Musical Drawings

4th graders are continuing their exploration of computer programming through music. In the video below they are demonstrating prototype experimental musical instruments that are drawn in graphite pencil, connected via MaKey MaKey, and coded with Scratch. Drawings, code, and music are all student-generated.

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Coding Electronic Music

We’re starting a new integrated unit on experimental music in the 4th grade. I’m excited to be collaborating with the Science, Music, and Art teachers to explore sound and music through all these disciplines. For my part, I’ll be teaching students to make electronic music by coding with sound in Scratch. We’ll also dive into programming with sensors to make unusual DIY electronic instruments.

My first activity is called “Boom, Snap, Clap”, a simple percussion program based on the kids song/dance that I frequently overhear them reciting.

Race Timers on the Field!

Race day is here and the 5th graders used their final pressure plate sensor designs on the track. Based on their analysis of their cardboard prototypes, the final models were made of more durable materials: corrugated plastic on the exterior and disposable baking sheets for conductivity. The video has captions that will hopefully explain a little more. It was a really rewarding project that incorporated computer programming, decimal math, electricity, engineering design… and of course, Social Studies via the Greek Olympics. I made sure to express how proud I was of these young people for sticking with it over these last few months. They weren’t just studying engineering and design – they were actually doing engineering and design. On to the new challenges next year!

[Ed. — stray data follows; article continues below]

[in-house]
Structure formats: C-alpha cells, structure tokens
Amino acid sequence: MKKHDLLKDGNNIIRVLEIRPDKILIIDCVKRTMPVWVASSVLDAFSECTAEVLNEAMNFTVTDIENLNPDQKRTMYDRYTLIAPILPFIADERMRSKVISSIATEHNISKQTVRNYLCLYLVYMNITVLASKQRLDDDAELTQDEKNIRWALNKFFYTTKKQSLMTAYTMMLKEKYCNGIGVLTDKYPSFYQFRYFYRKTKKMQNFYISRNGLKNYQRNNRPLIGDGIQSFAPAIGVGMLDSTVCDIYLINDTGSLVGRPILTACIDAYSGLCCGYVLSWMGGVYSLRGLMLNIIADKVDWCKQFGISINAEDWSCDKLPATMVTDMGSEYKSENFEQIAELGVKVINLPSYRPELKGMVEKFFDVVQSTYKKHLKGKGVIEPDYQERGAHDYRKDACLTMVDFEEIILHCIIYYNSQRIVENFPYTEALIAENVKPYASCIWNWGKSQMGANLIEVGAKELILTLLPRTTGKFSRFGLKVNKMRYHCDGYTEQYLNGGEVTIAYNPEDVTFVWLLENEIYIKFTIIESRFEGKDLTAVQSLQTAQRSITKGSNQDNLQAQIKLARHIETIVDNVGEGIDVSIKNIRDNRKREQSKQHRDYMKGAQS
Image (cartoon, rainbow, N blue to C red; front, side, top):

Live Testing Race Timer Prototypes

Students do a live test-run of their cardboard pressure plate prototypes. They have designed and built these sensors by hand with cardboard, tin foil and wire. Then they coded a stopwatch in Scratch (a drag-and-drop programming language for kids) and connected with MakeyMakey (a wildly fun computer input board).

The designs function well, and their structural limits (watch one break!) are important as they inform these young engineers of next steps about how to proceed on the next model, with better materials and design! New models, made with stronger materials will be used on a proper track during the “Greek Olympics” and at Field Day.

Race Timer Prototypes Complete

Our Olympic footrace timer prototypes are coming along nicely. Watch as a 5th grade student describes how he created a track race timer by coding a stopwatch in Scratch and then building a cardboard-and-tin-foil pressure plate to step on as runners cross the finish line. Connected via MakeyMakey. Inventing is learning!